To advocate to junior brethren, with the
stress of modern life, that they should spend
‘not months but years’ writing speeches just
so they can shine at the festive board, is a
sure guarantee that we will drive them away.
I would rather carry on gently, guiding them
along and enjoying their Masonic career
more suited to the 21st century.
Solihull, West Midlands
Hele and thatching
I was interested to read Bro Russell Titford’s
letter (MQ, Issue No. 18) on the question
of “Hele or Hail.” My lodge – King Egbert
No. 4288 – has traditionally used the
From my limited researches there is good
justification for doing so. In my early years
as a Freemason I was intrigued by the word
“hele,” having never come across it before.
I found an application of the word in
connection with thatching. To hele was
the process of finishing off the eaves of a
roof, preventing anything from getting
underneath them. As Freemasons, we are
aware of the word “eavesdropping.”
The word “hele” is, therefore, logical
in the context of “conceal and reveal.”
And, when allied to harder materials, we
understand the meaning of a Lodge being
I believe Chaucer also used the word in
the phrase “hide and hele things.”
Barry E Oakley
Russell Titford (MQ, Issue No 18) enquires
when ‘hele’ started to be pronounced ‘hail’.
It goes back a very long way. When I was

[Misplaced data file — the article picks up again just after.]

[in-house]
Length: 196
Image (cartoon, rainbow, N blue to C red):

initiated in 1955, my father, who initiated
me, distinctly said ‘hail’, and since then in
51 years of Masonry I have never heard it
pronounced any other way.
More important, his ritual book,
dated 1926, which I still have, has an
explicit footnote against ‘hele*’, reading
‘* Pron. Hail’.
The title page of the book reads: The
Perfect Ceremonies of Craft Masonry. This may
be considered as a correct edition of the
working which was approved by Grand
Lodge in 1814, and taught uninterruptedly
This edition evolved some years later into
the Emulation Ritual book, although the
Emulation Lodge of Instruction itself did not
produce a book until 1969. The compilers of
that book are well aware there are differences
in other workings. The Notes at the front
explicitly say, “There are many other systems
of working the Masonic ritual and many
quite senior brethren take the view that the
way they are used to carrying out the work
in their own Lodges is the only correct way”.
So it seems that in his Masonic career,
Bro Titford has been mainly concerned with
other workings – but ‘hail’ is nothing new.
Hele and potatoes
I agree with Russell Titford (MQ, Issue
No. 18). In the 1930s I remember hearing
my father say, “I’ve got to hele in those
potatoes.” I assumed he was referring to his
heel. Many years later, when I became a
Mason, I realised that he was saying ‘hele’.
I have an old copy of Chambers Dictionary,
in which the pronunciation is shown as heel
or heal. Hele is also a hamlet near Taunton,
and there is one in Exeter and Torquay.
Emulation says 'Hail'
Further to the letter from Russell Titford in the July 2006 issue,
I have just looked at two old ritual books: The Pefect Ceremonies of Craft Masonry for Emulation Workers dated 1938 and The Perfect Ceremonies of Craft Masonry, which was approved by Grand Lodge in 1814 and taught uninterruptedly ever since, dated 1926.
In both cases it clearly states in the Rubic that it should be pronounced 'Hail', so it seems that in some cases this was the practice before 1959 when Bro.Titford was initiated.